House Bill 1436 was passed by the House Judiciary Committee on February 19, 2014 and is currently on the House floor. Sponsored by Rep. Mike Turner, this omnibus immigration bill would go into effect on January 1, 2015 and would do the following:
S1696 would establish driving privilege cards for New Jersey residents who cannot prove lawful presence in the United States. It was introduced in the New Jersey Senate on March 17, 2014 by Senators Joseph Vitale and Teresa Ruiz and referred to the Senate Transportation Committee. It is identical to A2135, introduced in the New Jersey Assembly on January 16, 2014.
Philadelphia, Baltimore, and the Majority of Counties in Oregon Limit Local Police Involvement in Enforcing Immigration Laws
Welcoming the Stranger through Immigrant Integration discusses five state-level legislative initiatives that promote the integration of immigrants into our states and communities. The integration measures discussed include legislation that creates tuition equity for all; strengthens human trafficking laws; invests in English language instruction; uses the budget process to integrate immigrants; and enhances access to financial aid and protection against immigration consultant fraud.
Overview: HB 1175 creates state-level penalties (suspending and revoking business licenses) for state employers who knowingly or intentionally hire undocumented workers; it also requires employers in the state to use E-Verify starting July 1, 2013.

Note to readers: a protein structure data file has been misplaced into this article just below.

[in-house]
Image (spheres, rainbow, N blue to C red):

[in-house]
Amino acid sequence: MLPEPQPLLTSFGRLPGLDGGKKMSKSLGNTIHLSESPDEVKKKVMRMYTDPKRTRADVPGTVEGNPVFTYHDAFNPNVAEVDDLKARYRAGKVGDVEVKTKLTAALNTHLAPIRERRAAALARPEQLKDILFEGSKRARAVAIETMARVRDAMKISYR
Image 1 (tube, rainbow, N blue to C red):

An Analysis of Montana’s House Bill 297 (2013)
Overview: This bill creates state-level penalties (suspending business licenses) for employers in Montana who knowingly hire undocumented workers; it also requires employers in the state to use E-Verify six months after the passage of the bill.
Section 1: Definitions
House Bill (HB) No. 50, introduced by State Representative David Howard, prohibits local government from enacting, adopting, implementing, enforcing, or referring to the electorate immigration sanctuary policies. It also allows state agencies to withhold funds to local governments that do not comply with the provisions of the bill. Additionally, a person domiciled in Montana can seek a writ of mandamus to compel compliance with the bill.
Legislators in New Hampshire have introduced HB 474 and an Amendment to HB 474 that extends in-state student status to individuals without lawful status. As shown below, HB 474 standing alone is more generous than it would be with the Amendment. That said, HB 474 still provides an avenue for students without lawful status to gain in-state student status in New Hampshire’s post-secondary education system.
Overview of HB 474: